Kudu Varieties include the Lesser Kudu and the Greater Kudu. Greater Kudu have a pale grey body with a "beard", white vertical stripes and white 'V' on their face. Lesser-kudu have no beard, sharper stripes and white patches on the underside of their neck.
Leopard These shy, solitary animals are partly nocturnal, found in woodland and are well-camouflaged so not easy to find. They have a buff or tawny coat covered with black "rosettes" (apart from the all-black 'melanistic' leopards sometimes called panthers). Leopard are sometimes confused with cheetah, but leopard are not so sleek and have larger faces.
Lion Very sociable animals living in prides of 1-3 males and perhaps 15-20 females and young (which may have a territory of 50-400km2). The females tend to kill food for the pride (sometimes helped by males driving the prey towards them) often by crouching low then pouncing on the backs of unsuspecting animals near water holes (killing prey by strangling or breaking its neck). They are not particlarly good hunders, and males insist on eating their share before the females. Hunting occurs at night or cooler times of day, the hotter hours are spent resting in the shade. Only males grow a mane, which can take up to 5 years to fully develop.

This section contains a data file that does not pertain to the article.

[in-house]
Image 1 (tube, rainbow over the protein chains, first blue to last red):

Mongoose Varieties include Banded Mongoose, Dwarf Mongoose, Slender (black-tipped) Mongoose and White-tailed Mongoose. Banded and Dwarf Mongoose can be found in colonies of up to 50 animals often occupying warrens (for example old termite mounds) or rock crevices. The Slender Mongoose is far more solitary. Diet includes insects, rodents, reptiles, snakes, birds and birds' eggs.
Monitor Nile Monitor grow up to 2m long and have a green body covered with yellow bands; their diet includes crocodile eggs.